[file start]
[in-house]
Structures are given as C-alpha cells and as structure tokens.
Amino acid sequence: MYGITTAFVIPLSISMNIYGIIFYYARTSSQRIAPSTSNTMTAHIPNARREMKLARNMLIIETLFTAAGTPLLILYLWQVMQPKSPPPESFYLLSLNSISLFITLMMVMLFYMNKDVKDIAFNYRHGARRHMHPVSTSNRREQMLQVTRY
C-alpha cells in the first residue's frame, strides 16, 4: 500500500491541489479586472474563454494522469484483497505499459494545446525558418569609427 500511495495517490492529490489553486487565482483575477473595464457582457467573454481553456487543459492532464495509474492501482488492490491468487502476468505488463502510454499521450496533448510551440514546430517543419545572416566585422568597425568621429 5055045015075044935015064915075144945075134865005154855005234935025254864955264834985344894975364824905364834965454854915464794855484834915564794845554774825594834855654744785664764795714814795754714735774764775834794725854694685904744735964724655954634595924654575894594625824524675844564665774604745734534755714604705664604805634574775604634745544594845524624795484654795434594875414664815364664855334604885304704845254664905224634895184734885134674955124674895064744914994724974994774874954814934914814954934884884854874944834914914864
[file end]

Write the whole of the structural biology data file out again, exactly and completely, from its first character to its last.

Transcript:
[in-house]
Structures are given as C-alpha cells and as structure tokens.
Amino acid sequence: MYGITTAFVIPLSISMNIYGIIFYYARTSSQRIAPSTSNTMTAHIPNARREMKLARNMLIIETLFTAAGTPLLILYLWQVMQPKSPPPESFYLLSLNSISLFITLMMVMLFYMNKDVKDIAFNYRHGARRHMHPVSTSNRREQMLQVTRY
C-alpha cells in the first residue's frame, strides 16, 4: 500500500491541489479586472474563454494522469484483497505499459494545446525558418569609427 500511495495517490492529490489553486487565482483575477473595464457582457467573454481553456487543459492532464495509474492501482488492490491468487502476468505488463502510454499521450496533448510551440514546430517543419545572416566585422568597425568621429 5055045015075044935015064915075144945075134865005154855005234935025254864955264834985344894975364824905364834965454854915464794855484834915564794845554774825594834855654744785664764795714814795754714735774764775834794725854694685904744735964724655954634595924654575894594625824524675844564665774604745734534755714604705664604805634574775604634745544594845524624795484654795434594875414664815364664855334604885304704845254664905224634895184734885134674955124674895064744914994724974994774874954814934914814954934884884854874944834914914864